Here’s the thing though -


Detaching self-worth from productivity isn’t hard, it’s detaching self-worth from busy-ness that’s hard. There’s a difference between being “busy” and being “productive”.


Productivity means spending time on things that matter to us, while busy-ness is doing things for the sake of being busy (if you read my last email you know that that’s usually an indication of avoidance). Doing is only productive if it’s actually adding something to our lives. With that in mind, you can see that rest is actually productive. We are not meant to be productive 24/7. Our body, mind and soul need recovery, rest and nourishment.


If this is something you struggle with, pressure to always be “productive,” guilt and anxiety when perceiving yourself as not, I’d love to share with you this wisdom + reframe today -


A “busy” life doesn't promise a meaningful one.


Shift your goal from making your time productive to making it meaningful.


How can you make this shift?


Grab a pen and paper, and make a list of everything you’ve been categorizing under “productive time” (Working? Studying? Chores? Parenting?)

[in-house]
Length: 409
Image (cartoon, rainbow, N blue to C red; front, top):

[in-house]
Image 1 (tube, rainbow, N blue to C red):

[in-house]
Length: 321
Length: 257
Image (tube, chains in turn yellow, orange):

So basically any time you’re not doing one of those things, you’re vulnerable to guilt and anxiety, right? Now, make a list of everything that’s meaningful in your life.


“Meaningful time” includes your “productive” activities, but also encompasses connection, fun, rest, self care, growth, self awareness, creativity, and presence.


Reframing “productive” to “meaningful” protects us from the 24/7 self talk of guilt and recrimination and empowers us to relax alongside the fun, the mundane, the unexpected, the undesired, and the unstructured.


Reframing productivity is redefining success. A meaningful life, a life well lived, is no longer measured by a collection of achievements, but instead by a collection of presence filled experiences. When we allow this subtle yet profound realization, our entire world shifts - we no longer seek external validation or external worth. We tune inwards and trust our intuitive wisdom. The voice that whispers: “pssst… take a break”


That doesn’t mean that you can’t have ambitions and work on chasing your dreams. You can have both. You can learn to chase your dreams and savour your life right now. To do that, you need to learn to quiet down the voice in your head. Because when you become more present everything in your life becomes easier. And the energy you used to beat yourself up with will be directed to inspiration, creativity and focus.


Life is a series of experiences strung together, you get to determine which of those experiences are of meaning to you.


Love,

Naama


p.s. when guilt kicks in and you hear your inner critic saying "are you really going to waste your time on [insert meaningful activity]?" write yourself a permission slip or say out loud YOU BET I AM!

p.p.s. share with me your BET I AM moments here or instagram x

Recent Posts